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 Intervention Moments:
Places and Times When There is Opportunity for Change

Loren B. Mead

Judicatory and denominational officers and agencies can affect how a congregation understands its "connection," occasionally bringing it more in line with what the denomination's polity calls for, or at least making the connection more constructive and helpful to each. In the last two essays, I described the Mental Map in characterizing this connection. With the appropriate intervention, it is possible for a congregation to shift its location on the Mental Map continuum line between (1) Autonomous to (10) Structured.


In my experience judicatory executives and staff sometimes have a problem respecting the integrity of the congregation in this area -- feeling so strongly about what is "right" behavior for congregations of that denomination. They have a hard time listening to that congregation's actual values and are tempted to seek to control its behavior. Even saying this makes me uncomfortable, because some denominations and individuals feel so emphatically about what is right behavior for congregations that they cannot, in good conscience "permit" what they see as "deviant" behavior. Such rigidity on one side makes real conversation difficult if not impossible.

The same is true on the other side -- that of the congregation that will not engage with its judicatory in genuine conversation, but demands unilateral control over the relationship. I am writing to share what I have experienced in these transactions, but as I write it is clear to me that I am no tabula rasa. I have a set of values and concerns I think I had better share. I am not only a witness, I am a biased witness.

I believe judicatories and congregations have more creative relationships when there is constructive give and take, when each side is willing to hear the other, when neither seeks to impose its will on the other. My bias is not the only legitimate one. If one believes theologically or philosophically in the absolute extremes of the continuum I described in the first essay, then it genuinely is not necessary for there to be a conversation.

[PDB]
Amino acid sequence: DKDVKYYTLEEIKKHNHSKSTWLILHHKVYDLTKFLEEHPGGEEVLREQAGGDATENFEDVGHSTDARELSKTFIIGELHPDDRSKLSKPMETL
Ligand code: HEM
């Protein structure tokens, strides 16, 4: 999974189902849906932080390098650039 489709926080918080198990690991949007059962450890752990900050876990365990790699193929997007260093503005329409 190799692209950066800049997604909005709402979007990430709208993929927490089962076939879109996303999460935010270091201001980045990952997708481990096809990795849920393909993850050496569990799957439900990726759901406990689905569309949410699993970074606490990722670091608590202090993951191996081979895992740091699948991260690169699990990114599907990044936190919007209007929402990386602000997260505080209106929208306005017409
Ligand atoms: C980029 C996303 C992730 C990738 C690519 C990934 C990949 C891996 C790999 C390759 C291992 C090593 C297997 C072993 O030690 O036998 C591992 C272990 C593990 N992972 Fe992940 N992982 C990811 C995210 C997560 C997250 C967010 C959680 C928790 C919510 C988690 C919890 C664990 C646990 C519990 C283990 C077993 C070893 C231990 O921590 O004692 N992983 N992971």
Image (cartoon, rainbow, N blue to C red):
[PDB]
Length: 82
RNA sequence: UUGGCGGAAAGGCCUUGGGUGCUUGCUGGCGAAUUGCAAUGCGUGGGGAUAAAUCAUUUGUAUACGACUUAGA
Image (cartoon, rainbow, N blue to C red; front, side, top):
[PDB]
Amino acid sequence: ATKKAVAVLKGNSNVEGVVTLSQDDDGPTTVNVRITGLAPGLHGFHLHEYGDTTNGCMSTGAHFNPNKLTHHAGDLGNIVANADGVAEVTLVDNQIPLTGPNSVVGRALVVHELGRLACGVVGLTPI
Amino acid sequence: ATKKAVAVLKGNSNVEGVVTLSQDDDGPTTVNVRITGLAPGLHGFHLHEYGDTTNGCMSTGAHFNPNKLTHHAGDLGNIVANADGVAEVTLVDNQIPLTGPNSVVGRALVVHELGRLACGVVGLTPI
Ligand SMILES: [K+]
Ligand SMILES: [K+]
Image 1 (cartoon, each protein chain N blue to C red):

Another part of my bias is spread through the first and second essay and will probably affect what I say in this part -- my personal experience of Church is as an Episcopalian. That is the air I breathed as I went to Sunday School and grew up. We always had a special chair in our parish church that was reserved for the bishop when he visited, about once a year. The bishops I knew for many years were splendid persons -- not overwhelming minds, but solid, authentic human beings who loved God and led people. My congregation did not have much to do with the bishop, but we tried to do what he asked us to do. I grew up understanding "connections" that way, and I think it has made me biased about judicatories in two ways: 1) On the 1 to 10 continuum from autonomous to structured/subsidiary, I suspect I am personally about a 6 or 7, with a gut feeling that is toward being connected and being loyal to that connection while yet wanting some independence. 2) I find that my personal experience with judicatory leadership through a bishop, has given me a bias toward that form of governance in a person rather than a board or committee. It just comes more comfortably to me that way.

I make no case here that my position is right -- indeed I would be the first to point to other experiences I have in which other systems have been spectacularly better and "my" systems have been spectacularly poor. For now, I just want to warn you of my biases as well as I can, so you can adjust your reading of my material to take it into account. I do not want to trick you with my biases, but I cannot erase them from what I know without erasing myself. You are warned, then.

A final point, since I am going to be talking about "interventions for change" in this third essay, is that working as a consultant is working to help people change.

I have often been called into situations in which congregations and judicatories had found themselves angry with one another, suspicious of one another, or bearing strong grudges. When that happened, I had a rule of thumb I followed -- if either the congregation or the judicatory was only interested in making the other fall into line, I would not accept the contract. If both were genuinely interested in trying to work something out and listening to the other side, I tended to be willing to take the contract. Also, if the congregation was a "known trouble-maker," and I determined that they were truly loyal to their system but fiercely opposed to some parts of what their denomination/judicatory was up to -- again, I tended to take the contract. My value depended upon the loyalty of their opposition.